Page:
OP-ED: Chinese FDI in Africa is Modern-Day Colonialism


Pipa Powers, Contributor

African nations have long experienced exploitation and colonialism at the hands of powerful Western nations. Following the aftermath of Western colonialism, various countries attempted to rebuild the African economy. Currently, one of the largest contributors to African investment is that of Chinese investment firms that focus on infrastructure and loans for African governments. This primarily manifests itself through Chinese Foreign Direct Investment (FDI) to a variety of African nations. However, the Chinese government has prioritized its own return on investment, contributing to a series of cultural and social harms that far outweigh any sort of economic benefit for Africa. This has escalated to the point where Chinese investment in Africa must be condemned in international law, as the practice is effectively modern-day colonialism.

According to the United Nations, FDI is “investment made to acquire a lasting interest in or effective control over an enterprise operating outside of the economy of the investor.” FDI is generally framed to be a positive contributor to national economies. This type of investment is intended to provide a reciprocal return – the country receiving the money is able to grow economically through the development of industry and infrastructure, while the lending country receives an economic return when their investment pays off. In the case of China and Africa, Chinese investment helps provide capital to African nations and pushes them towards economic stability. 

Nevertheless, Chinese FDI exacerbates problems in three major facets of African life. First, Chinese influence contributes to a clear degradation of African culture. China’s intentions in Africa are not purely economic, but rather seek to expand cultural influence as well. This has been done through the creation of a Chinese educational system, aimed at teaching Chinese language and culture at the expense of African culture. The current system mirrors apartheid in South Africa, in which the oppresive government also worked to erase African culture through implementing Westernized education. In the process of establishing schools and other education systems to teach Chinese culture, the spread of African traditions has tumbled. The ways in which China actively undermines the sociocultural stability of African nations mirrors the same systems that Western countries implemented during their time as colonial powers.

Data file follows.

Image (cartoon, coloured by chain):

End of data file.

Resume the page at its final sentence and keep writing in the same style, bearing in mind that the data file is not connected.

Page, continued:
Second, Chinese FDI contributes to some economic harms. While African elites and government officials may profit from Chinese investment, the citizens of Africa are experiencing detrimental outcomes. FDI is frequently cited as being economically beneficial, but increased Chinese investment results in African companies viewing this investment as a reliable source of income. In the short term, this may help African countries economically. However, in the long term, this disincentivizes African countries to be economically self-sufficient, reducing the urgency of local development.